City police seeking patterns in surge of nonfatal shootings

July 10, 2008|By Annie Linskey and Gus G. Sentementes

Baltimore's police commissioner expressed concern yesterday about a spate of nonfatal shootings that has added to an uptick in violence.

"I know it is an easy adage to say one is too many, but that is true," Police Commissioner Frederick H. Bealefeld III said.

Despite the recent rise, shootings have fallen 25 percent this year. The city has also seen a 35 percent drop in homicides compared with 2007.

But Bealefeld said detectives who work on shootings are solving fewer cases this year, about 40 percent compared with 48 percent last year.

Those detectives typically work cases for four days and walk a beat on the fifth day to bolster the numbers of officers on the street, said Paul Blair, the head of the city police union.

On Tuesday, the commissioner ordered all of the supervisors for robbery detectives to headquarters to examine patterns in their cases, saying people often are shot in revenge for an earlier robbery.

The first of Tuesday's overnight shootings appears to have stemmed from a drug dispute, said Officer Troy Harris, a police spokesman. He said a 45-year-old Timonium man was shot in the shoulder about 11 p.m. Tuesday in the 5500 block of Winner Ave. after a dispute over a $10 vial of cocaine. He drove himself to Sinai Hospital.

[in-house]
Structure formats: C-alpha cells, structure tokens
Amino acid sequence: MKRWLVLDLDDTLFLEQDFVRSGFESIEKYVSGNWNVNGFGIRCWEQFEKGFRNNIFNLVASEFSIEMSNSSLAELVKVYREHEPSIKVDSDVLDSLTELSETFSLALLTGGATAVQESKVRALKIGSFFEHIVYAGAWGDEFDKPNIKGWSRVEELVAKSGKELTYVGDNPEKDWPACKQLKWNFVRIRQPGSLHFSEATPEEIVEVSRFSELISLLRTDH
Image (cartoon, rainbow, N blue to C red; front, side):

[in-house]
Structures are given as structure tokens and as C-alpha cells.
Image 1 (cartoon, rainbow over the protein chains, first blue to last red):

About 12:15 a.m. yesterday, a gunman in a car began firing in the 2100 block of Pennsylvania Ave., police said. A 21-year-old man standing nearby was shot and drove himself to University of Maryland Medical Center.

About 1:12 a.m. yesterday, police found a 15-year-old boy shot in his left side in the 3700 block of Woodbine Ave. He was treated at Maryland Shock Trauma Center.

Two hours later, a man shot in the chest and hand at an unspecified location drove himself to Johns Hopkins Hospital and stumbled into the emergency department, according to police and hospital officials.

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